Tuesday, March 11, 2014

Interesting people in history

There are a lot of interesting people throughout history that merit my respect even though they were not on our side.

On the list of people I think I would like to sit down with and have a drink or cup of coffee with are a few military people that were our enemies. Many of these are enemies and former enemies.

One of the things about many of our enemies is that while they are or were enemies there are some of them I truly respect. Any good professional military man has the utmost respect for his enemies. I remember an old sergeant telling a young private that commented that the Viet Cong were a ragtag outfit unworthy of respect.

"Little guy? This tall? Black pajamas and an AK-47? You're damned right I respect him and if you don't respect your enemies you will come home in a box!" snapped the old Platoon Sergeant.

It should be noted that there was a picture of Irwin Rommel in one of our combat vehicles. An Iraqi corps commander, taken prisoner, was seated in the vehicle. He asked why there was a picture of one of our former enemies in the vehicle.

"If you had paid attention to what that man did and how he did it you might not be sitting here," snapped a private.

Erwin Rommel comes to mind as do several others. Oddly I would not want to talk to Rommel about tactics, but logistics. The tactics used by the Desert Fox were pretty simple. The part that interests me are the logistics involved. He had a lot of men and materiel to move and I'd like to know how he did it.

Vladmir Putin is another one I'd like to do something with. Maybe go fishing or something. I respect him for doing his job and looking out for the interests of his country even though what he did seems to be unpopular with the rest of the world. I'd love to know how he thinks. He seems pretty shrewd to me.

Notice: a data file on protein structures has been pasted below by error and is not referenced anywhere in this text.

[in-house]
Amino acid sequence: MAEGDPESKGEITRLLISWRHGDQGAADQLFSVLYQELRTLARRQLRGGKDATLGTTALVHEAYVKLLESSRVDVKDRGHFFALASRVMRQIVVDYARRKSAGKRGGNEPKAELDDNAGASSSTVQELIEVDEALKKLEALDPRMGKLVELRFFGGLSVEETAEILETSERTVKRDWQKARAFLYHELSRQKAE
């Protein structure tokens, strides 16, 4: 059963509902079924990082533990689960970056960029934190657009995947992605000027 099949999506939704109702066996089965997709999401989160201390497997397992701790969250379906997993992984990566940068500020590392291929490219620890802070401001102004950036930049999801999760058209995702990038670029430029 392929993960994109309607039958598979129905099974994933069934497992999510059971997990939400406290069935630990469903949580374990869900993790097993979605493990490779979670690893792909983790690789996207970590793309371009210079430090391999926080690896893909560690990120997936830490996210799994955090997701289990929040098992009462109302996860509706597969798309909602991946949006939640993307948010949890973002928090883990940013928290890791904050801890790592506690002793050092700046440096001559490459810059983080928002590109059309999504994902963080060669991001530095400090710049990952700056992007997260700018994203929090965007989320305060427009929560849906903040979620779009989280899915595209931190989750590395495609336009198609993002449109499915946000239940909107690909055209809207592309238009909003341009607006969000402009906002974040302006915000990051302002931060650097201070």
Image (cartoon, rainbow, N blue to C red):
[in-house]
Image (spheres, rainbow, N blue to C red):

Tadamichi Kuribayashi is pretty high up on the list. For those that don't recognize the name, he was the commanding officer of the Japanese forces on Iwo Jima. He seems to interest me for a number of reasons. He actually liked, or at least respected Americans. It is reported that several times he told his family that America was the last country that Japan should fight.

Kuribayashi did one hell of a job defending Iwo Jima. It is the only time in the history of the Marine Corps that they took more casualties than they received. You sure don't have to like that one bit but you certainly have to respect it.

I'll admit Kuribayashi is one guy that interests me. He was given a very distasteful job to do and did it in a first class manner. He went to Iwo Jima knowing he would not be coming home. 

The beverage of choice to share with Kuribayashi would be a large pitcher of clear, cool, water. He had little but rainwater on Iwo Jima as there were no springs there.

He was damned clever. He allowed the Marines to get ashore on the sandy, impassable beach unopposed and after they were mired and bunched up he shelled the beach. Holland Smith, the American commanding officer comented, "I don't know who he is, but the Japanese General running this show is one smart bastard."

Isoroku Yamamoto is another one I'd love to share a cup of tea with. I would like to know how he thought. He was another Japanese officer that had spent time in the States and didn't like the idea of Japan going to war with us. Still, when ordered to, he planned the attack on Pearl Harbor. It knocked this country for a loop, that's for certain. It was one very crippling blow to our Navy.